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An Introduction to Short Deck Hold’em

by Kevin Haney |  Published: Jan 02, 2019


There’s a common phrase that surmises that, someone playing with less than a full deck is either mentally, psychologically, or intellectually deficient, and it’s safe to say that we all know at least a few poker players that fit that profile.

This is all in jest, of course, but why has short deck hold’em caught on like wild fire over in Asia in both cash games and high roller tournaments among high-stakes crushers and successful businessmen? And will this popularity make inroads into the general poker economy, or even more optimistically, possibly bring fresh new players into the game?

But first things first, what exactly is short deck hold’em?

Short deck hold’em is simply no-limit hold’em played with a 36-card deck, where the twos, threes, fours, and fives have been removed. This effectively ends the all too often stretches of always looking at complete duds like 9-2 offsuit and the like. J-6 offsuit is the 7-2 offsuit of short deck and has few exciting possibilities; however, the odds are greater that you will get dealt hands with potential. Equities run much closer in the game and an ante-only structure that frequently accompanies the game provides the impetus for a ton of action.

Another very unique aspect of this game is that the aces are also considered low. In other words, A-6-7-8-9 is the new wheel. Be very mindful of this aspect at all times as not to misread your hand and/or potentially not fully consider a powerful holding that your opponent may have. When you are new to the game it is helpful to constantly repeat to yourself, “Aces are fives, aces are fives.”

The use of a short deck also changes some of the traditional hand rankings because flushes are now mathematically more difficult to make than full houses, and trips are made less frequently than straights. In all variations currently played, flushes beat full houses, but the rules vary on whether or not trips beat straights.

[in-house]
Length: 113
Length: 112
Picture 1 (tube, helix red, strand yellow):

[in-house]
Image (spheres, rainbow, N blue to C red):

In Asia and the high-roller tournaments, the rules stipulate that a straight still beats three of a kind and is typically played as an ante-only structure. This version is often referred to as either short deck hold’em or Triton Poker, and is action packed because connecting cards are very valuable and the structure often encourages large multi-way pots.

In the ante-only structure, everyone antes, however the button is forced to make a double ante. The preflop action starts to the left of the button and that person has the option to fold, put in one more ante, or raise to any amount they wish. Each person in turn then has the option to fold, match the current bet, or raise or re-raise.

For example, suppose it is the 1,000 ante level in a six-handed game. Everyone antes 1,000 except for the button who antes 2,000. The under-the-gun player then has the option to fold, put in another 1,000, or make a raise. The action moves around the table with the button acting last on the first round. If there has been some callers but no raise, the button has the option to check or raise to any amount.